And then he finds the Blue Fairy. She's down there on the bottom of the ocean.

Only one problem. The Blue Fairy is fake -- just a Madonna-like statue that was once part of an attraction at Coney Island but has now sunk to the bottom of the sea. But David won't give up. He parks his underwater craft in front of the statue and waits, staring at the emotionless enigmatic plaster woman.

At this point I thought the movie was over. It SHOULD be over. If it's over right here, it's a great movie. Create synthetic love and what happens? It will seek out synthetic things to love. The story was a tragedy from the moment David was created. It was arrogant to think you can build machines to love us. What you've created is a longing that can never be satisfied, if for no other reason than that we're going to die and the machine is not.

Spielberg even does a backtracking crane shot at this point, the traditional way of ending a story. Is he intentionally trying to fool us? Did he at one time want the story to end here?

But there's 20 more minutes of movie! Two thousand years pass. David waits, never moving. And then the waters recede and he gets out of the little watercraft and touches the Blue Fairy, and of course she crumbles to dust. Okay, a weaker ending, but still, an ending. His final illusion destroyed.

But then we go into total fantasyland with these see-through robotic creatures that now populate the earth. These advanced life forms that look like the aliens in "Close Encounters" take David under their care, read all his thoughts, and explain to him that he's in a world where the last humans died out many centuries ago. Everyone is a synthetic being, just like him.

And then they tell him two things so incredible that they should have fired the screenwriter who came up with them. One, there IS a Blue Fairy. She's this ethereal goddess with the voice of Meryl Streep.

And two, they have a way to rip open the fabric of the universe and bring back any being from the past, but only for one day. David WILL get to see his mother.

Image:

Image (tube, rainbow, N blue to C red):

So David spends a fantasy day with his mother and at the very end, before she dies again for all eternity, she tells him she loves him and she always loved him. And David cries real tears.

All right, aside from the fact that I don't buy the ending -- you can't just CHANGE ALL THE RULES at the end -- I'm not sure what it means that he cries real tears. Is the movie saying that an android CAN become human? Does David become some sort of Christ figure at the end, bringing new life to the world (but in reverse -- instead of dying to bring life, he is born to bring life)?

I have no idea. William Hurt has already told him that he's a machine and he'll always remain a machine. And why does the mother suddenly love him? SHE DUMPED HIM IN THE WOODS! Why should we believe her? Furthermore, WHY would she love him more than her genetic son?

Okay, I'm getting waaaaaay too worked up again. It's bugging me. Why this extra material at the end of the movie? How can we let Spielberg change all the rules in the last 20 minutes? Isn't David's love just as pure, REGARDLESS of whether the mother returns the love or not? Isn't it a better story if he loves without being loved back?

Okay, I'll stop.

No, I won't. I demand to know the answer!

"A.I." Web site: aimovie.warnerbros.com.


(To reach Joe Bob, go to joebobbriggs.com or email him at JoeBob@upi.com. Snail-mail: P.O. Box 2002, Dallas, Texas 75221.)

© 2003 United Press International, Inc. All Rights Reserved. Any reproduction, republication, redistribution and/or modification of any UPI content is expressly prohibited without UPI's prior written consent.